As part of the proposals in the County Plan, the Northern Relief Road (NRR) has split opinions in our area.
A Durham resident asked a question at full Council this week about the cost of the survey works. The response is below.
My biggest concern with this is there has been no evaluation of other routes prior to carrying out this survey. Any sane organisation would have looked at all possible routes, drawn up a report on them and THEN and only then considered survey work on the preferred route – ideally after consultation with the public.
This is where this element of the County Plan is seriously flawed. It may well be that the NRR route they propose is the best option but to not even go through the due diligence stinks of arrogance.
I asked for a report to be compiled on all the possible route options and we await for that report to come forward, however I expect there will be comments raised when the final County Plan is announced and when it is discussed at the inquiry – could be egg on the Council’s face again if they don’t get it right second time around.
Since early this year, extensive ground investigations have been underway along the route of a proposed northern relief road for Durham City. What is the cost or projected cost of this work and, secondly, what was the cost of such work a few years ago for a projected western relief road?
Firstly, I would like to thank Mr Clark for the question.
We are currently completing a significant exercise to test the ground conditions along the length of the proposed Durham Northern Relief Road. This work is essential if we want to bid for national funding to deliver this critical element of infrastructure. The works will see the sinking of over 70 trial holes and boreholes, some up to 90 meters deep, as well as monitoring over a 3 month period. Although the works are not fully complete it is expected that the final cost of the work will be £343,000.
A similar exercise undertaken previously along the length of the Western Relief Road previously cost £273,000.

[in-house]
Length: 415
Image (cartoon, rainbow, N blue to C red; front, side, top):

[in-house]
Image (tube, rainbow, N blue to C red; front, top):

The Draft Durham City Sustainable Transport Plan is clear that the long term transport strategy for the city centre is dependent on the ability to provide more space for people travelling on foot, by bike and bus. This is impossible to achieve without a new crossing of the River Wear which provides an alternative to Milburngate Bridge. It is this additional crossing that is provided by the Northern Relief Road.
Providing the Relief Road not only allows extra space in the City for pedestrians, cyclists, bus users it will also create significant air quality benefits by removing unnecessary slow moving and standing traffic and allow the City to function as the economy grows.
Displacing non-essential car trips away from the city centre will also encourage residents and visitors to use active travel and public transport when travelling into the city at peak hours, rather than taking the car into the city.
The Northern Relief Road is a longstanding proposal to improve the road network around Durham City. The principle was established by the Inspector of the 1979 County Durham Structure Plan which stated that a Northern link road ‘will improve the link between Consett and the A1 (M) at Carrville and together with a Western Relief Road, reduce traffic congestion through the city centre. The road was also safeguarded in the City of Durham Local Plan 2004 and had been incorporated in the latest consultation on the Durham Plan.
The improvements resulting from the provision of a Norther Relief Road will have major benefits for the cultural and historic environment of the city, making it a much more pleasant place to work, shop and visit and having direct benefits to the built fabric and public realm of the city including the World Heritage Site and safeguarding the City as a premier economic asset.